George Osborne is under growing all-party pressure to boost housebuilding to kickstart the economy and create jobs after his March Budget was criticised as a missed opportunity to tackle the housing crisis.
The Chancellor is being urged to use his government-wide spending review in June to give the go-ahead to the building of up to 100,000 council and housing association homes to complement the help for home-buyers he announced in the Budget. Critics say he needs to increase the supply of homes as well as demand through the mortgage market.
The pressure increased after new figures showed that 2m council houses and flats have been sold since Baroness Thatcher introduced her flagship “right to buy” policy in 1980 – the same number of people now on local authority waiting lists for housing. Lord Oakeshott, the Lib Dem peer who obtained the figures by tabling questions in the Lords, said: “The Thatcherite council house sales crusade won the Tories millions of votes and costs taxpayers billions of pounds. It’s imprudent housekeeping at its worst to flog off our social housing stock at taxpayer-subsidised discounts and then pay out £20bn a year to private landlords in housing benefit, often on the same resold properties.”
He added: “Social housebuilding has now almost ground to a halt. We must rebuild it by lifting the ban on councils borrowing to build, and guaranteeing institutional investment in housing association building on a massive scale. Or our economy will stay stagnant and 2m families will languish in housing need as Lady Thatcher’s worst legacy.”
Lib Dem activists called at the party’s spring conference for an extra 100,000 council and housing association homes and Lib Dem ministers including Vince Cable, the Business Secretary, are sympathetic. Mr Cable sees the move as part of what he has described as a “Plan A plus” – sticking to the Coalition’s deficit reduction plan but taking bolder action to secure growth.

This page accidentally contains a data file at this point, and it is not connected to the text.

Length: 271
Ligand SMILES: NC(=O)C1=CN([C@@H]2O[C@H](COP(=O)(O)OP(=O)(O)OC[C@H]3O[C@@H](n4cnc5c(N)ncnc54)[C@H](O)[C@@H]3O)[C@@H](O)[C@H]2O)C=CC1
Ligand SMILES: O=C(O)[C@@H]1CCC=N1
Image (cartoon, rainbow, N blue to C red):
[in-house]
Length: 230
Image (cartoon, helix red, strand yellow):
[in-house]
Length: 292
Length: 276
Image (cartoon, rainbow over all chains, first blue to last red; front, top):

Figures published on Thursday will show whether Britain slipped into a “triple dip” recession in the first three months of this year. Although City analysts predict that Mr Osborne will narrowly avoid that embarrassing fate, they believe the economy is still flatlining and Lib Dems argue that more housebuilding would give it an immediate shot in the arm.
Labour is expected to fight the 2015 election on a pledge to bring in a huge housebuilding programme. Ed Balls, the shadow Chancellor, has called for the proceeds of the 4G mobile phone spectrum to fund the building of 100,000 affordable homes. The £2.3bn proceeds will be spent by 2015 so Labour may finance such a promise by higher borrowing.
Mr Osborne used his Budget to announce a £3.5bn Help to Buy scheme to help people buy new homes with a five per cent deposit and to guarantee another £130bn of new mortgages. But the independent Office for Budget Responsibility (OBR) said the measures would do little to boost the construction industry and were likely to inflate property prices, sparking fears of another housing bubble.
The cross-party Treasury Select Committee described as “unconvincing” the Chancellor’s assertion that his measures would trigger an increase in the supply of homes. It has demanded replies to 19 unanswered questions about them. Andrew Tyrie, the committee’s Tory chairman, said: “The Government’s Help to Buy scheme is very much work in progress. It may have a number of unintended consequences. Without further detail it is not possible to estimate its effects. The questions the committee has asked the Government need answering.”
Policy Exchange, which is regarded as David Cameron’s favourite think tank, is pressing the Government to increase housebuilding and expressed alarm that the number of housing starts fell by 11 per cent to 100,000 new homes last year. It fears that the Coalition is on track to see the lowest level of housebuilding since the 1920s.
The Office for National Statistics (ONS) revealed last week that home ownership has dropped for the first time in almost 100 years as people struggle to get a foot on the housing ladder. The number of owner-occupiers rose to a record 69 per cent but fell back to 64 per cent in 2011. The number of people renting their homes rose from 31 per cent in 2001 to 36 per cent in 2011 as many found themselves trapped in the rental market.